Mollywood
Aparna Das, playing the heroine, easily portrays the role of a regular-struggling-youngster.
Timepass

If you have always wondered how Photoshop worked and looked dreamily at the big plastic flexes on the road, then Manoharam might just be the two-hour long tutorial you need. The film takes you through everything from Photoshop classes to setting up a printing unit and finally tips you off on the need to switch to cloth and be environment friendly! But somewhere along the way it also tries to tell the story of a struggling artist called Manu – played very aptly by Vineeth Sreenivasan.

The movie, directed by Anvar Sadik, starts with Manu growing up with an inferiority complex but then appears to change tack and delves into the technicalities of running a printing unit. It does fall into the ‘feel-good’ genre of movies, but goes through a very rocky path, losing the viewer at many places.

Vineeth’s character would be a stereotype for him – the talented, struggling, low-income man with a few close friends on his side (Basil, Indrans). As a boy he hides his old painting box when he sees the new fashionable tools other kids bring at a contest. But he is talented and his friend (Basil) tells him that he will grow into a great artist. But grownup Manu becomes a painter of banners, whom his bride-to-be dumps on the eve of their wedding.

The shots introducing Manu and his mates and the inanimate objects jump through attractive frames (cinematography by Jebin Jacob) – a technique followed throughout the movie. But then the cuts from one scene to another seem jerky without order or method. This way the comedy misses out, the timing is off and the talented cast appear wasted.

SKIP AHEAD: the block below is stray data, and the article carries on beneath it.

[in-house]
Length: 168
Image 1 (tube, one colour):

The heroine – Aparna Das – is introduced as the new teacher at a computer centre where Manu goes to learn Photoshop. Aparna is relatively new, apart from a small role she played in Njan Prakashan, but delivers the regular-struggling-youngster role pretty well. Her voice – presumably not a dubbing artist’s – is novel, the lines spoken without drama. Her character Sreeja wears the typical salwars and long shawls that young working women wear in a small town, has clear priorities about needing a job, doesn’t show a lot of emotion and in all appears as a very real person.

Not that Manu or his friends do not. But they go through the more cinematic experiences of tense situations, keeping up pretences, last-minute solutions and so on. Vineeth’s performance in the tense scenes is realistic. Only, the way it is written, the situations do not evoke a lot of empathy. And the predictable climax leaves you a little tired.

There are, however, enjoyable moments in the film – the newly forming romance, the mother-son exchange. Sree Lakshmy is pretty underutilised as the mother, but in the moment that she gets to speak the scene transforms from ordinary to beautiful.

Basil and Indrans and Tamil actor Delhi Ganesh play their parts neatly. There are songs by Sanjeev Thomas that you take note of, to play later on.

Disclaimer: This review was not paid for or commissioned by anyone associated with the series/film. TNM Editorial is independent of any business relationship the organisation may have with producers or any other members of its cast or crew.